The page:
Miami City Ballet soloist Lauren Fadeley (dancing with Pennsylvania Ballet, photo by Alexander Iziliaev)

Our Best Tips: Dealing with Hyperextended Knees

Hyperextended knees are a blessing and a curse. Sure, they can help achieve a beautiful classical line, but they signify naturally loose joints, putting hypermobile dancers at greater risk of injury. And, especially when it comes to knees, hyperextended dancers can develop a tendency to "sit" into their mobility instead of learning to turn out properly.

Take charge of your joint health with our top three tips for safely using your lovely legs.

1. Strength comes first. The most beautiful line in the world won't get you anywhere if you're constantly injured. Take a cue from Boston Ballet principal Lia Cirio, who has a specific workout for her vastus medialis oblique muscle—the teardrop-shaped muscle above the kneecap. Better yet, integrate stability training into your cross-training routine by working out on a BOSU ball or other unstable surface.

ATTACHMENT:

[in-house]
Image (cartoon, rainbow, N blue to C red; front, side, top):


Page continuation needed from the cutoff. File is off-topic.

2. Find what "straight" means on your body. Try this exercise to undo the habit of relying on your hyperextension to bring your knees together in first position: Sit on the floor with your legs extended in parallel, in front of you. Straighten your knees without allowing your heels to come off the floor. Then, try it with pointed feet. This will help teach your glutes and quads to fire in a way that creates a true vertical line.

3. Not every professional dancer is hyperextended. Repeat after us: "My knees do not define my destiny." No matter how your body is shaped, it's essential that you avoid slamming your knees back in an effort to achieve hyperextension. You could do serious damage to your joints! Instead, use the same trick as former Houston Ballet principal Amy Fote. "Act as if your leg ends at the knee and 'point' your knees," she says. "It activates your leg to create the straightest line possible."

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